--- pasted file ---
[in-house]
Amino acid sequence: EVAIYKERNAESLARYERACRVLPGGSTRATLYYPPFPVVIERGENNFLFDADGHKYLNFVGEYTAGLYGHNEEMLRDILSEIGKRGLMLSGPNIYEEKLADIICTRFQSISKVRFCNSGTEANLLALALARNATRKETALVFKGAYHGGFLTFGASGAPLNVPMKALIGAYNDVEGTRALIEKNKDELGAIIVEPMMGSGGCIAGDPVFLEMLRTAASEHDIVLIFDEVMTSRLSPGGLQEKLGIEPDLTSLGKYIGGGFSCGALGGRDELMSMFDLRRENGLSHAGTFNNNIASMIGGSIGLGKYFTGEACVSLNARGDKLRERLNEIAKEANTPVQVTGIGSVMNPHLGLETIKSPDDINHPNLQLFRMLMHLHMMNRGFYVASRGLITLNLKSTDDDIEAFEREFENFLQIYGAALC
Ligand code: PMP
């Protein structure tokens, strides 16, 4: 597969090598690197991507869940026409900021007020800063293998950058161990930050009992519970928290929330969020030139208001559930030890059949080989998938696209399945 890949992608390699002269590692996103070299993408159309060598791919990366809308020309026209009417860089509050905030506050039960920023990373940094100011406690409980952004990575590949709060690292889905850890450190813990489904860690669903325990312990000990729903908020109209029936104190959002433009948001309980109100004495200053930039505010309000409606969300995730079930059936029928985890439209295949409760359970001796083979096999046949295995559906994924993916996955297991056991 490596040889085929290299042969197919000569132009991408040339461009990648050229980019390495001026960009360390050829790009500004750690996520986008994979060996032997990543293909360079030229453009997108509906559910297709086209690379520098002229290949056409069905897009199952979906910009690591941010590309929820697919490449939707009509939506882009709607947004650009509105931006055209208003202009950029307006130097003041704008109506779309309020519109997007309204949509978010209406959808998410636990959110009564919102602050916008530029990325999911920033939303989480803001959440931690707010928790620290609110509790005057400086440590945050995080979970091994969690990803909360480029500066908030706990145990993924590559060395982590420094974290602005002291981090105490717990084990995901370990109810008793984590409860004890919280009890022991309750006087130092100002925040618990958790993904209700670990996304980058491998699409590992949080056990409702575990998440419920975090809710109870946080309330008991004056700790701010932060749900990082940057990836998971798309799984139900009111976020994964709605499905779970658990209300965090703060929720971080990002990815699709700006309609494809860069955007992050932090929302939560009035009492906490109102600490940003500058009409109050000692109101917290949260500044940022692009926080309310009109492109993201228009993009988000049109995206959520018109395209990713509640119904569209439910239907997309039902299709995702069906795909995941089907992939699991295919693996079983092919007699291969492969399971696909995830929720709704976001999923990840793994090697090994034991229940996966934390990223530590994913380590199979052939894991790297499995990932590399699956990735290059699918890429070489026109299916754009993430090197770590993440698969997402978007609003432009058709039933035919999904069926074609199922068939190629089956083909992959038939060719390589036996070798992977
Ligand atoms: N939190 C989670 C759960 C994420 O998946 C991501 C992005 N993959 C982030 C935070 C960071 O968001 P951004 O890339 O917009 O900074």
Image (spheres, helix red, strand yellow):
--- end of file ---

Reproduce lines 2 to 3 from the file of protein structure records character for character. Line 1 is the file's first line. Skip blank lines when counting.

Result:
Amino acid sequence: EVAIYKERNAESLARYERACRVLPGGSTRATLYYPPFPVVIERGENNFLFDADGHKYLNFVGEYTAGLYGHNEEMLRDILSEIGKRGLMLSGPNIYEEKLADIICTRFQSISKVRFCNSGTEANLLALALARNATRKETALVFKGAYHGGFLTFGASGAPLNVPMKALIGAYNDVEGTRALIEKNKDELGAIIVEPMMGSGGCIAGDPVFLEMLRTAASEHDIVLIFDEVMTSRLSPGGLQEKLGIEPDLTSLGKYIGGGFSCGALGGRDELMSMFDLRRENGLSHAGTFNNNIASMIGGSIGLGKYFTGEACVSLNARGDKLRERLNEIAKEANTPVQVTGIGSVMNPHLGLETIKSPDDINHPNLQLFRMLMHLHMMNRGFYVASRGLITLNLKSTDDDIEAFEREFENFLQIYGAALC
Ligand code: PMP